Columbia College | Columbia University in the City of New York
Amidst the clutter of my grandfather’s office sits an ancient iPod connected to an ancient pair of speakers. His library of 500 or so songs can be divided into three categories: Haitian music, French chanson, and salsa and merengue. Musical taste reflects our experiences, and Pappy Felix is no exception. He and my grandmother were born and raised in Aux Cayes, Haiti, which explains the kompa, twoubadou and rara. Singers Charles Aznavour and Edith Piaf are Mona’s — my grandmother — favorites, so they became for my grandfather the sound of lifelong devotion. In the ’50s, Felix worked as a dance instructor in Miami, teaching a generation of Americans hopped up on Latin grooves. Now he sits in his office, throws his iPod on shuffle and sways to the soundtrack of his life.
There are, however, a handful of tracks — 20, maybe — that do not fit into these three categories. They are songs of Fairuz and Oum Kalsoum, the fêted divas of Lebanon and Egypt, respectively, and arguably the two most influential singers in Arabic music. Although Haitian by nationality, Felix and Mona are ethnically Lebanese. Their parents — my great grandparents — left French-occupied Lebanon in the early 20th century to make a new life in the French Caribbean with the hopes of gaining a foothold in the burgeoning textile industry on the island. During the subsequent decades, Muslim and Maronite Christian Arabs became a significant minority in Haiti, learning the vernacular, baking kibbeh and doing business.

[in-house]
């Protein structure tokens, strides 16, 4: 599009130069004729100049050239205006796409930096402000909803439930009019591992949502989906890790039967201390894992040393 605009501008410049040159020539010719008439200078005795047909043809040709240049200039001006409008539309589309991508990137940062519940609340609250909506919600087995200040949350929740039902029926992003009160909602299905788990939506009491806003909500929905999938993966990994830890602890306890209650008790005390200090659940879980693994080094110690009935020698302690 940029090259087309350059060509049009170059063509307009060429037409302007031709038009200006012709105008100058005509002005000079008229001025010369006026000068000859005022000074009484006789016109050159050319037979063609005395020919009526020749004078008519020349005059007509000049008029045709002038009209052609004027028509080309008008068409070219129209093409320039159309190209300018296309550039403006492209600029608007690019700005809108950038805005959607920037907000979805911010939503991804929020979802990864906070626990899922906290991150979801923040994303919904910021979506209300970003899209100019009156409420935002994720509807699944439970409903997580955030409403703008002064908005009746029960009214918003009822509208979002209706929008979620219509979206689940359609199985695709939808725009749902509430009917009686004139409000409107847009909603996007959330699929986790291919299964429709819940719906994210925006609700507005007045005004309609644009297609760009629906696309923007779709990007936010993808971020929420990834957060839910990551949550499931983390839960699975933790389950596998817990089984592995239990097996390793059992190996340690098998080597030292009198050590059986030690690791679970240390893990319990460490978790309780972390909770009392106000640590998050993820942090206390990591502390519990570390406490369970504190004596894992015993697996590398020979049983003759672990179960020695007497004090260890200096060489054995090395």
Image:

These Arabic tracks in my grandfather’s library can be traced back to his childhood, when he spoke with his father and sister in Arabic that has since been replaced mostly by Haitian Kreyol. I believe he plays this music less out of willfulness and more out of an internalized obligation to keep the sounds of the Arab world in his ears and in the family.
At the outset of the project, I was concerned that the score would only represent my Western-cultivated musical sensibility. My taste then was primarily for classical music and musical theater cast recordings. But what at first was an appreciation for the music that played in my wispy childhood memories has developed into a full-blown love affair. I remember distinctly when I made my first playlist of Arabic music in freshman year, asking Pappy Felix for the titles of those Fairuz and Oum Kalsoum songs. Since then my list of favorites has expanded to hundreds of Arab artists, past and present. Singers like Sheikh Imam and Emel Mathlouthi and Ramy Essam have underscored a large portion of my life. This music has become a part of my experience — connected to real people, real stories and real emotions. Arabic music is part of my musical palette now. The tablas and the oud that are woven into the score of We Live in Cairo are not meant to signal some distant land but rather are there to evoke an identity my brother and I are getting closer to.
We Live in Cairo will premiere at the American Repertory Theater in May. I hope that the voice of the Arab world in its diaspora is strong and affecting, and that when Pappy Felix and Mommy Mona come up — God willing — to see it, they can hear themselves in the voices of young Arab artists telling a remarkable story.